A vigorous effort by city officials to enforce building-safety codes has some concerned that it’s becoming tougher to revitalize older properties.
In the 14 months since the city rolled out its plan-review process for commercial property construction, some business owners and landlords in urban neighborhoods say they’ve faced delays or the prospect of higher costs to get permits for their projects.
Others say they’re anticipating those problems as they prepare to apply for permits in coming months.
“We purchase those buildings at a price based on our assumptions that we could do a certain amount of work to bring in new tenants,” said Larry Jones, a longtime Indianapolis commercial-property owner who co-owns the Murphy Building in Fountain Square. “When you start raising the cost of doing that, it gets to be so prohibitive that the space you’re left with is useless.”
Bringing older buildings up to state and federal standards is more time-consuming and expensive for older buildings than newer ones.
That wasn’t much of a concern before November 2009, when the city added its own plan-review process to an existing state review, which some say was less stringent in its interpretation of state fire and building codes.
City code enforcement officials say the tougher process, an initiative of Mayor Greg Ballard’s administration, has huge benefits, including ensuring better safety and reducing insurance rates for commercial properties.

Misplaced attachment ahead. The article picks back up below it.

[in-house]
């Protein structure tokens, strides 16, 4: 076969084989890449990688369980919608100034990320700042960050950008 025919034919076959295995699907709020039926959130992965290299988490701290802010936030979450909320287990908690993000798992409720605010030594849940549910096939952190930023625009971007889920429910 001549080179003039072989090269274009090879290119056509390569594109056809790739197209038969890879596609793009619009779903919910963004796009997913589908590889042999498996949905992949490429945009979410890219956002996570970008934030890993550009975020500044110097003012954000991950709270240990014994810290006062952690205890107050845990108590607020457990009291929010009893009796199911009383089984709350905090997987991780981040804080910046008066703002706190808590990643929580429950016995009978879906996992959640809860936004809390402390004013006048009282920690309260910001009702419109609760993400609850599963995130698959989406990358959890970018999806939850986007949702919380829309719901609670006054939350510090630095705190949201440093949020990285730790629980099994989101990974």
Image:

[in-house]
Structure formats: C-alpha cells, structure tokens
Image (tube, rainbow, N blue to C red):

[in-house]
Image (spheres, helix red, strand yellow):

Business and building owners acknowledge those issues are important, but say there should be some latitude in the way standards are applied to older structures.
They say the cost of implementing codes can deter investment in older properties, particularly in still-transitional areas such as the near-east side.
For landlords who own the older buildings, it adds expense to redevelop the properties that they might not have anticipated if they purchased the buildings before the department started the strict enforcement.
That cost is hard to recoup by charging more rent if they want to remain competitive.
And for not-for-profit developers dependent on grants and leveraging private funding, extra time can put them at risk of jeopardizing critical project time lines.
A handful of architects, landlords and small-business owners met last month to discuss their concerns with city leaders. In response, the Department of Code Enforcement is launching an educational effort to make the business community more aware of the process.